Indigenous Peoples are the first affected by the policies that the States are pushing to promote supposed “development”. Yet these policies, such as the push for agrarian reform, mining, hydroelectric projects, oil, and infrastructure construction industries have not produced development but have instead promoted the invasion of our territories, the destruction of our forests, the predatory extraction of our soil and subsoil resources, the pollution of the environment, resulting in the impoverishment and genocide of our people. At the same time, we must recognize that the borders and territorial limits imposed by the States have divided our families, communities, Nations and Peoples, attacking our collective and individual integrity as preexisting Nations and Pueblos.
Contrary to improving the situation of our peoples of Abya Yala, the representatives of the States gathered in the IV Summit of the Americas continue to discuss economic policies that will deepen the existing systematic marginalization and discrimination through agreements like the North American Free Trade Agreement (NAFTA), the Puebla-Panama plan (PPP), the South American Regional Initiative, and the Free Trade Area of the Americas (ALCA), among others.  These economic agreements are instruments to benefit powerful States as well as national and transnational corporations, to the detriment of our Indigenous Peoples and society as a whole. Further, such agreements decided by the States are contrary to regional and international legal instruments of Indigenous Peoples’ Human Rights that these same States themselves are committed to protecting and guaranteeing but yet systematically break.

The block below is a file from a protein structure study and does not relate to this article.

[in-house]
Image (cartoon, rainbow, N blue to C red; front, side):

Any true, pluralistic and inclusive democracy must first undergo the recognition of the collective rights of the Indigenous Peoples at a national and international level; to be valid, the full and effective participation in all development plans must be submitted to our Nation-Pueblos for free, previous and informed consent.